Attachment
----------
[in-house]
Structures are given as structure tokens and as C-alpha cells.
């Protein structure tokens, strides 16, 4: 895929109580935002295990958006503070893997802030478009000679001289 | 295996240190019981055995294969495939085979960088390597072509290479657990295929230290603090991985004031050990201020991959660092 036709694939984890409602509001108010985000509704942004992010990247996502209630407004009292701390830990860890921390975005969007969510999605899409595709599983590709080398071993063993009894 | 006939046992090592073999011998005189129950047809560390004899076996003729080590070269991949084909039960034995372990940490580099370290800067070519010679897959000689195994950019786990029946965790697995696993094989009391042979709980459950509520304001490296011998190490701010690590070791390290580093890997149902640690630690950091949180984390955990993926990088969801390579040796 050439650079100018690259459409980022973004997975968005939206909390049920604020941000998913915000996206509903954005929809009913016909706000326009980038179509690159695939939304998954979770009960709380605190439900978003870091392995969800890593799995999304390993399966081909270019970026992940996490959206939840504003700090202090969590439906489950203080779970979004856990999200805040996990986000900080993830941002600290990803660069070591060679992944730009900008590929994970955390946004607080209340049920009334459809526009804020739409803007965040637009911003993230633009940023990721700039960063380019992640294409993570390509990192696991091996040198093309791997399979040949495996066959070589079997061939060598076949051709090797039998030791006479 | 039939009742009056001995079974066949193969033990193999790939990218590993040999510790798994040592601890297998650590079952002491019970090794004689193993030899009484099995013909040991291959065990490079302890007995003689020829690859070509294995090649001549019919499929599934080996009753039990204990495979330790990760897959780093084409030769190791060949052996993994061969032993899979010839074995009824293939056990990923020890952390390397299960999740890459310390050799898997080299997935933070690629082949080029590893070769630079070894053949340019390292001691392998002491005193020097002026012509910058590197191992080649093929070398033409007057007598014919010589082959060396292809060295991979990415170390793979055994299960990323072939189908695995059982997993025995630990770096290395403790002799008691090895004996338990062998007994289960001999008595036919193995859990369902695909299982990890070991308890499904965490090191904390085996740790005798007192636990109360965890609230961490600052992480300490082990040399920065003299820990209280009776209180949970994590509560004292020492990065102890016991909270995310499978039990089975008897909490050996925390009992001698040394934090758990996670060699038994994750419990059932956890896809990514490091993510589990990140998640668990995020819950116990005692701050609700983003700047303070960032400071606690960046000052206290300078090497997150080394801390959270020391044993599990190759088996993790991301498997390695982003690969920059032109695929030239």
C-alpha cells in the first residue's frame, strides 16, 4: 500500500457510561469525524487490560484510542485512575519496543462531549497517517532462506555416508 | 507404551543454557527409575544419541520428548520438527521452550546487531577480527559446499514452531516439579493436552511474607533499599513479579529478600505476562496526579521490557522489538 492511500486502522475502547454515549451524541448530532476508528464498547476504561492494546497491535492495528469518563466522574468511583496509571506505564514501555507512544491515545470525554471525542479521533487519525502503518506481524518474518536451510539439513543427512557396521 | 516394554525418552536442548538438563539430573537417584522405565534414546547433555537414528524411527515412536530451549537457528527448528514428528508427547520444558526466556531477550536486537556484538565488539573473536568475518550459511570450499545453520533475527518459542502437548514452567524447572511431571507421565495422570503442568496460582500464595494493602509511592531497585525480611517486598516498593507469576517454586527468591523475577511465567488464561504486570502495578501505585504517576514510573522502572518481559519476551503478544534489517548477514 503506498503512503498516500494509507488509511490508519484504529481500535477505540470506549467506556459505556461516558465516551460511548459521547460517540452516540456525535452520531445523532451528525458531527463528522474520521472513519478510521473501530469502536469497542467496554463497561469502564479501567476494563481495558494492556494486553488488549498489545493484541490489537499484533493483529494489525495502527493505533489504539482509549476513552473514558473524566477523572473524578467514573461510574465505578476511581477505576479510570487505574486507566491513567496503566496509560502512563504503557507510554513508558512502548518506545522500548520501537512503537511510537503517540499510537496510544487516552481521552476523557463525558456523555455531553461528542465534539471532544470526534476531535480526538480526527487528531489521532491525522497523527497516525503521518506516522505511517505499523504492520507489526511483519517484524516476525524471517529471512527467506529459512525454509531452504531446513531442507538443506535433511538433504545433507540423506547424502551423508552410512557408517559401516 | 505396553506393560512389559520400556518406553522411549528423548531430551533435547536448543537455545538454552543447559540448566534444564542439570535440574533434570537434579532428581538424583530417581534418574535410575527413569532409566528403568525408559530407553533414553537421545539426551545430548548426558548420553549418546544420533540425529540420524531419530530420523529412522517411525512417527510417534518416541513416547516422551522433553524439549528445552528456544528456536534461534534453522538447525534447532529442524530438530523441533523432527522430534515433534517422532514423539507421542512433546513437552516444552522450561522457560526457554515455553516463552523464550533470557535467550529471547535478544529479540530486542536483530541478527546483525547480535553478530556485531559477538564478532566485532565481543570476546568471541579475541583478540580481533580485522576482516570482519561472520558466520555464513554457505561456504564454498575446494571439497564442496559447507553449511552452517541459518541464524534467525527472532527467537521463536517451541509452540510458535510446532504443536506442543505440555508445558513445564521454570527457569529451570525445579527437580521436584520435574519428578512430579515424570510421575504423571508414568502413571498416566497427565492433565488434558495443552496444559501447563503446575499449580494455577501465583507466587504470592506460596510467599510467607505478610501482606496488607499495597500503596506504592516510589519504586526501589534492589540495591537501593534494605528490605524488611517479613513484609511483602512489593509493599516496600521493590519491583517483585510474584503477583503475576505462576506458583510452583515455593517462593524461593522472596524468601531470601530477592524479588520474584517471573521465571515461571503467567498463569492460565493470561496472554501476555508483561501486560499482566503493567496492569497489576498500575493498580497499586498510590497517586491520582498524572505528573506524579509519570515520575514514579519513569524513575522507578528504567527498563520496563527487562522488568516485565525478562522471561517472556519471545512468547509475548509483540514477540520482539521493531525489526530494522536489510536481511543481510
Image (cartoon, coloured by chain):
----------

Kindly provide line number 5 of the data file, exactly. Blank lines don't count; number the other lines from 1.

Image (cartoon, coloured by chain):